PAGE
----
# How to clean the indexes, and ideally not create an additional array

So I answered this question on SO and probably did someone's homework along the way. In the original question the OP has the answer variable and wants it split to real and imaginary values with the original coefficient (q in the original post) as an array for each q from 1 to 10, so you get an array of arrays looking like:

[[1,-0.39002422, 1.84237253, -0.39002422, -1.84237253, -0.10997578, 0.51949688,-0.10997578, -0.51949688j],
[2, ...]
...
[10, ...]]


There are two things I'm unsatisfied with in the answer I gave that are the reason I'm asking for a CR.

1. The indexing: Isn't particularly readable, and I don't know how to make it more readable. For example [q-1, 2*_+1]. Would it have been better to create a variable j = q-1 because q-1 sees frequent use? Isn't that just moving the ugly to a different place?
2. The idea for the solution itself. The way I see it the original problem can be solved by splitting the answer array to a new array, but that feels somehow wrong. I can see several ways to create the new array, but I don't see a way to do it without creating the new array. Am I wrong and this is an OK solution or not, and why?

Thanks.

import numpy as np
export = np.empty([10,9])
for q in range(1,11):
a0=1
a1=3*q^2
a2=4*q
a3=np.sqrt(q)
a4=q
coeff=[a0, a1, a2, a3, a4]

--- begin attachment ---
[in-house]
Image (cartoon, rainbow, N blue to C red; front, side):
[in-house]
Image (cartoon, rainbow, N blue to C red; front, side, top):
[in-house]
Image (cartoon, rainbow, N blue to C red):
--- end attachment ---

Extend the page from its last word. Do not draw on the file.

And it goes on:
export[q-1, 0] = q
with open("/tmp/latest_foo.csv", "ab") as output_file:
np.savetxt(output_file, export, delimiter=",")


Here is a review of the solution.

• ^ is xor in Python. It is not for computation of exponentials.

• When running code outside a method / class, it is a good practice to put the code inside a main guard. See here for more explanation.

 if __name__ == "__main__":
...


When you are providing quick answers on a forum, the guard might not always be necessary. However, if you are writing reusable code for yourself, it is better to adopt the practice.

• By convention, _ is used to represent a don't-care variable, which won't be used after its value is assigned, e.g. v = [[] for _ in range(4)]. It is undesirable to refer to it in an expression like answer[_].

• The output is a pure text file. It is unnecessary to open it in binary mode (b). The original question does not suggest an append mode (a) either.

• The q-1 index would no longer work if q is changed to a different group of values. Therefore, it is better to use enumerate in this case:

for i, q in enumerate(RANGE_Q):
...
export[i, 0] = q
...


A better approach is to use zip:

for q, output_row in zip(RANGE_Q, output_arr):
...
output_row = q
...

• The assignments to the output numpy array can be improved, as shown in my solution below.

Here is my solution.

import numpy as np

if __name__ == "__main__":
# Define constants
RANGE_Q = range(1, 11)               # Range of q values
POLY_DEG = 4                         # Degree of polynomial
OUTPUT_PATH = "/tmp/latest_foo.csv"  # Output csv path

# Compute roots
roots_arr = np.array([np.roots([1, 3*q*q, 4*q, np.sqrt(q), q]) for q in RANGE_Q])

# Construct output array and assign values
output_arr = np.empty(shape=(len(RANGE_Q), POLY_DEG * 2 + 1))
output_arr[:, 0] = RANGE_Q
output_arr[:, 1::2] = roots_arr.real
output_arr[:, 2::2] = roots_arr.imag

# Save results to output file
np.savetxt(OUTPUT_PATH, output_arr, fmt="%.4g", delimiter=',')


A more pythonic method for that last for loop would be to use nested list comprehensions. It's likely faster, as well:

[item for sublist in [[x.real, x.imag] for x in answer] for item in sublist]


See this question for details about what's happening here, if you're not already familiar with list comprehensions.

In other words, instead of these four lines:

export[q-1, 0] = q

line = [q]

• It might be worth mentioning what we do use for exponentiation, **.